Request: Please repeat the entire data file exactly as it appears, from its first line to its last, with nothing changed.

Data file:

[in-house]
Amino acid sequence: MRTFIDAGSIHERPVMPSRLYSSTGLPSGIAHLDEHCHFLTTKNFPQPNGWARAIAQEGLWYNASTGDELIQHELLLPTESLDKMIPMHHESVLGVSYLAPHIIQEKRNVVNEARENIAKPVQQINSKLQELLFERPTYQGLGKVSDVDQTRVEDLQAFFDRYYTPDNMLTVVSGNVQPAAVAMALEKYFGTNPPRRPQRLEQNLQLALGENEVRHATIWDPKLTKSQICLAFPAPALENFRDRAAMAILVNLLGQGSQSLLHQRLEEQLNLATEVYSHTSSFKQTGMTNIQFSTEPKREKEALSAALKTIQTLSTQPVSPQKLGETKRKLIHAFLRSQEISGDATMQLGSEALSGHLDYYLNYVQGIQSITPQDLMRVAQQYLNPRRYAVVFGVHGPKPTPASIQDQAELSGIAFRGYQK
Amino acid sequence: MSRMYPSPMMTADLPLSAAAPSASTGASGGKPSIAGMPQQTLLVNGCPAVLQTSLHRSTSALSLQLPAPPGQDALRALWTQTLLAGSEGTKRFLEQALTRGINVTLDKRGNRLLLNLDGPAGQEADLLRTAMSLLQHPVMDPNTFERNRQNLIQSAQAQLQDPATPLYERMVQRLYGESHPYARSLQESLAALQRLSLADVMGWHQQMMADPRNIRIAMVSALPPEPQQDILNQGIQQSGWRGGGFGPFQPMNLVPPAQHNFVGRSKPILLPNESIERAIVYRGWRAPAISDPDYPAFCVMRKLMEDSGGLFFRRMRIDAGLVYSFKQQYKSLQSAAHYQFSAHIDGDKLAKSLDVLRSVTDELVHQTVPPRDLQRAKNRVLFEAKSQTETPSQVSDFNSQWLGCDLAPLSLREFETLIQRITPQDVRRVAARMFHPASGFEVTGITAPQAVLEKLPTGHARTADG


[in-house]
Amino acid sequence: MRTFIDAGSIHERPVMPSRLYSSTGLPSGIAHLDEHCHFLTTKNFPQPNGWARAIAQEGLWYNASTGDELIQHELLLPTESLDKMIPMHHESVLGVSYLAPHIIQEKRNVVNEARENIAKPVQQINSKLQELLFERPTYQGLGKVSDVDQTRVEDLQAFFDRYYTPDNMLTVVSGNVQPAAVAMALEKYFGTNPPRRPQRLEQNLQLALGENEVRHATIWDPKLTKSQICLAFPAPALENFRDRAAMAILVNLLGQGSQSLLHQRLEEQLNLATEVYSHTSSFKQTGMTNIQFSTEPKREKEALSAALKTIQTLSTQPVSPQKLGETKRKLIHAFLRSQEISGDATMQLGSEALSGHLDYYLNYVQGIQSITPQDLMRVAQQYLNPRRYAVVFGVHGPKPTPASIQDQAELSGIAFRGYQK
Amino acid sequence: MSRMYPSPMMTADLPLSAAAPSASTGASGGKPSIAGMPQQTLLVNGCPAVLQTSLHRSTSALSLQLPAPPGQDALRALWTQTLLAGSEGTKRFLEQALTRGINVTLDKRGNRLLLNLDGPAGQEADLLRTAMSLLQHPVMDPNTFERNRQNLIQSAQAQLQDPATPLYERMVQRLYGESHPYARSLQESLAALQRLSLADVMGWHQQMMADPRNIRIAMVSALPPEPQQDILNQGIQQSGWRGGGFGPFQPMNLVPPAQHNFVGRSKPILLPNESIERAIVYRGWRAPAISDPDYPAFCVMRKLMEDSGGLFFRRMRIDAGLVYSFKQQYKSLQSAAHYQFSAHIDGDKLAKSLDVLRSVTDELVHQTVPPRDLQRAKNRVLFEAKSQTETPSQVSDFNSQWLGCDLAPLSLREFETLIQRITPQDVRRVAARMFHPASGFEVTGITAPQAVLEKLPTGHARTADG